MABTON - World-wide reports yesterday afternoon that a suspected case of mad cow disease tracked down to a single Holstein, which at one time was part of the stock at a Mabton farm, has left many Lower Yakima Valley residents scratching their heads, wondering what effect the news will have on their lives.
If initial reactions to the potentially devastating news are an accurate indication, the American cattle industry could be in for some very tough times. Just a few hours after U.S. Secretary of Agriculture Ann M. Veneman confirmed that a suspected case of mad cow disease had originated at a Mabton farm, news filtered across the American airwaves that several nations had already banned imports of cattle from the United States.
The farm in question had not been positively identified, but during a briefing held early this morning by Veneman, she said the cow came from a large dairy operation in Mabton. She went on to say that the dairy houses 4,000 head of cows and is sited on two different premises.
In a late development this morning, Jay Gordon, executive director of the Washington State Dairy Federation, confirmed for Daily Sun News Reporter Michael Kantman that the dairy in question belongs to Bill Wavrin. It is located on Boundary Road just outside Mabton.
Gordon said the Wavrin family is working with the USDA and the Food and Drug Administration on beginning the long process of tracing back the origin of the infected animal.
"They (have) started the long process of tracing back where the animal came from," said Gordon.
Some news crews, apparently, erroneously reported this morning that the dairy in question belongs to Sid and Tami Leyendekker. Numerous news media vans were lined up at the Leyendekker farm early this morning seeking confirmation. But, the couple denied the dairy in question was their's.
"No one from the USDA has contacted us," she said.
"I've got every news crew you can think of camped out in our driveway," Mrs. Leyendekker said. The extra traffic around the cows, she explained, concerns the family.
"When the cows get riled up they lose milk," she said.
With the influx of media attention, Mrs. Leyendekker said they have had to run people out of their front yard. A Yakima County Sheriff's deputy was helping the family keep media off their property.
Dr. Ron DeHaven, Deputy Administrator for Veterinary Services at the Animal Plant Health Inspection Service and the USDA's chief veterinarian, said at this time there has been no determination as to what will happen with the rest of the herd, which is currently under quarantine. Veneman said the animal in question was brought into the herd in October 2001, and was culled from the Mabton herd due to complications after calving. DeHaven went on to explain this morning that the cow was purchased by the Mabton dairy as a 2-year-old, and was on her third calf when it was culled from the herd.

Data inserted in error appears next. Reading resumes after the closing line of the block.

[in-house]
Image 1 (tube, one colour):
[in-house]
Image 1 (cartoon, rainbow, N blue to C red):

DeHaven said since bovine spongiform encephalopathy (BSE), more commonly known as mad cow disease, has an incubation period of four or five years, the USDA and its team of state and federal investigators are working together to find all of the premises the animal lived on from birth to slaughter.
He noted the feed investigation will focus on the feeding processes of the herd the animal was born into. DeHaven figured it would take a day or two to trace the animal back to its birth herd.
Veneman, speaking at a press conference last night, reiterated to the American public there is no significant risk to the food chain, or to their personal safety.
"Despite this finding, we remain confident in the safety of our beef supply," said Veneman. "The risk to human health from BSE is extremely low."
Veneman went on to explain that the animal in question was non-ambulatory, known in the cattle business as a "downer." She said the Holstein was slaughtered and the muscle cuts of the animal were sent to Midway Meats in Washington state for processing. The potentially infected parts of the cow, the brain and spinal cord areas, were sent to a rendering plant.
She said samples were taken during the slaughter, on Dec. 9, as part of the USDA's targeted BSE surveillance system. Those samples were then sent to the USDA's National Veterinary Services Laboratory in Iowa. Positive results were obtained by both histology, a visual examination of brain tissue via microscope, and by immunohistochemistry, the gold standard for BSE testing that detects prions through a staining technique. Veneman said test results were returned Monday, Dec. 22, and retested the following day. She said the sample in question has been sent by military aircraft to the world reference laboratory in England for final confirmation, and expects the results back in three to five days' time.